Luxury carmaker Porsche could see its valuation reach €75 billion when it floats on the Frankfurt stock exchange later in September according to the pricing of shares by parent company Volkswagen.

On Sunday, Volkswagen AG’s Executive Board, with the approval of the Supervisory Board, set a placement price range for the preferred shares in Porsche AG from €76.50 to €82.50 per preferred share.

The total listing is made up of 911 million shares, as a sign of respect towards Porsche’s most famous model. The shares are divided into 455.5 million preferred and 455.5 ordinary.

In total, up to 113,875,000 preferred shares from the holdings of Volkswagen AG are planned to be placed with investors in the course of the IPO and carry with them no voting rights.

This includes a basic offering of 99,021,740 preferred shares as well as of 14,853,260 further preferred shares to cover over-allotments. The preferred shares in Porsche are planned to begin trading on 29th September 2022, representing 12.5 per cent of available shares.

The €70-75 billion valuation range, representing a midpoint of analysts’ expectations, will take place should Volkswagen receive €8.7 billion to €9.4 billion from floating the preferred shares.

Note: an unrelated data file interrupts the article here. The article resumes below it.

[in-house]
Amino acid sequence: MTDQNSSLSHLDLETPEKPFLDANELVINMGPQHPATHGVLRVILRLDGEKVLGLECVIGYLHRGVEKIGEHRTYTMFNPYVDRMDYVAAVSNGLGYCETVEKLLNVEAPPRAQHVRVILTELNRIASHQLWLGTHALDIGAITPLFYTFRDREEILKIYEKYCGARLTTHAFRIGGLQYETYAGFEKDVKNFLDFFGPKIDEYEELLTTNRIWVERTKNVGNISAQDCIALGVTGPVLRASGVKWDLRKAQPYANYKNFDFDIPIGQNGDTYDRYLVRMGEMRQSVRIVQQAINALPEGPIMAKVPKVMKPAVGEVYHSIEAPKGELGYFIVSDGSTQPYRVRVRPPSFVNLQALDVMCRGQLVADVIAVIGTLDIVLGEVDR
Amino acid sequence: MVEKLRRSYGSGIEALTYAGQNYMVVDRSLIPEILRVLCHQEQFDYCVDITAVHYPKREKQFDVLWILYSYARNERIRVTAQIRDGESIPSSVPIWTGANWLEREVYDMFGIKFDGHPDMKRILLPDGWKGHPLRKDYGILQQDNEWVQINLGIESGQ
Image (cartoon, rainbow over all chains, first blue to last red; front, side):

Volkswagen has said it intends to use just under half of the proceeds, 49 per cent, to pay a one-off special dividend to shareholders. It will use the remaining proceeds to help fund the highly costly shift towards electric vehicles and the required battery technology.

Should Porsche manage to reach its upper-end valuation, it will become Europe’s third largest stock market float on record, according to Refinitiv data.

Related

Greek sovereign fund joins Malta-based investment network

October 4, 2022
by Robert Fenech

Since being set up earlier this year, the sovereign wealth fund foundation has already added two members

The European Central Bank raised interest rates again. How will Maltese borrowers be impacted?

October 4, 2022
by Robert Fenech

The way local banks work is cushioning the impact of higher interest rates... for now

Public debt shoots up by just under €900 million as Government responds to pandemic, war, inflation

September 30, 2022
by Robert Fenech

The deficit stood at €359 million by the end of August, less than half that recorded a year ago